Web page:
Schizophrenia affects 1% of the population. Clozapine is the only medication licensed for treatment-resistant schizophrenia and is intensively monitored to prevent harm from neutropenia. Clozapine is also associated with increased risk of pneumonia although the mechanism is poorly understood.
To investigate the potential association between clozapine and antibody deficiency.
Patients taking clozapine and patients who were clozapine-naive and receiving alternative antipsychotics were recruited and completed a lifestyle, medication and infection-burden questionnaire. Serum total immunoglobulins (immunoglobulin (Ig)G, IgA, IgM) and specific IgG antibodies to haemophilus influenzae type B, tetanus and IgG, IgA and IgM to pneumococcus were measured.
Immunoglobulins were all significantly reduced in the clozapine-treated group (n = 123) compared with the clozapine-naive group (n = 111). Odds ratios (ORs) for a reduction in clozapine:control immunoglobulin values below the fifth percentile were IgG, OR = 6.00 (95% CI 1.31–27.44); IgA, OR = 16.75 (95% CI 2.18–128.60); and IgM, OR = 3.26 (95% CI 1.75–6.08). These findings remained significant despite exclusion of other potential causes of hypogammaglobulinaemia. In addition, duration on clozapine was associated with decline in IgG. A higher proportion of the clozapine-treated group reported taking more than five courses of antibiotics in the preceding year (5.3% (n = 5) versus 1% (n = 1).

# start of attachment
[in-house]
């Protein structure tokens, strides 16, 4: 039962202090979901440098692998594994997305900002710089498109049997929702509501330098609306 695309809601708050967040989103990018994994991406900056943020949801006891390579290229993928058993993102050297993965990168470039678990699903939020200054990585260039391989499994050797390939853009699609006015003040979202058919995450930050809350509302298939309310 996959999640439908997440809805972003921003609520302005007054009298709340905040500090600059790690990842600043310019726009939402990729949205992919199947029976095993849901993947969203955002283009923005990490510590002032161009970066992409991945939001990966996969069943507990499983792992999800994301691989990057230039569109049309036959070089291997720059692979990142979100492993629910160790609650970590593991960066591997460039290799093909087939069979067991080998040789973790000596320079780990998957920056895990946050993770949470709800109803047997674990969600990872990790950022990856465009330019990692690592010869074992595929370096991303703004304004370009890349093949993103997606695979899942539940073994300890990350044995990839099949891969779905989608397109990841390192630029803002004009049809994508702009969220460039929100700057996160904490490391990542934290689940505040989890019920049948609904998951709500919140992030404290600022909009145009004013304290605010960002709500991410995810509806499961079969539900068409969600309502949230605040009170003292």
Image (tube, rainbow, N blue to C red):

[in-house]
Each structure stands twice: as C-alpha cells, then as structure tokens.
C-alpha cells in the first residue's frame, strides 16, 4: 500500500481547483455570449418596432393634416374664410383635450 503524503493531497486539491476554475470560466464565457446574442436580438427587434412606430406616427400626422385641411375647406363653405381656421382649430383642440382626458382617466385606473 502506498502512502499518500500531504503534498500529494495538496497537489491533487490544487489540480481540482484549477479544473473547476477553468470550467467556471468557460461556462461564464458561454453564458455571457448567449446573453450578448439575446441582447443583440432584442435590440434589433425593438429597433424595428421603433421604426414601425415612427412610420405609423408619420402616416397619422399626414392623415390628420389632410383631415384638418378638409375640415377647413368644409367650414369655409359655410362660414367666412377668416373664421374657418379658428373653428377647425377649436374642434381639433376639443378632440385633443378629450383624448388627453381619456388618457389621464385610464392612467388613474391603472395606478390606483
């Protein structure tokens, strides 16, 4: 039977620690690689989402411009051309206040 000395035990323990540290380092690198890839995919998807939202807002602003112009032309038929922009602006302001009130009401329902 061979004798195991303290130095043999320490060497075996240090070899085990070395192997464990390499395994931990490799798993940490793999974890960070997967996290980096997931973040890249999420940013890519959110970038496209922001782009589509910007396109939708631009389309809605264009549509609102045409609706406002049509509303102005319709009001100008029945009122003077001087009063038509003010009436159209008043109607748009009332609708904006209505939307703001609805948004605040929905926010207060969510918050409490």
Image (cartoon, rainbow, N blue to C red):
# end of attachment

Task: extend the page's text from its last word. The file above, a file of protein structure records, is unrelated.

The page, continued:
Clozapine use was associated with significantly reduced immunoglobulin levels and an increased proportion of patients using more than five antibiotic courses in a year. Antibody testing is not included in existing clozapine monitoring programmes but may represent a mechanistic explanation and modifiable risk factor for the increased rates of pneumonia and sepsis-related mortality previously reported in this vulnerable cohort.